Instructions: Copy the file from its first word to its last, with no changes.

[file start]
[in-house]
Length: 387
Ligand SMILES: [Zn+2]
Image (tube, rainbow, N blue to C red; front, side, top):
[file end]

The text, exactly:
[in-house]
Length: 387
Ligand SMILES: [Zn+2]
Image (tube, rainbow, N blue to C red; front, side, top):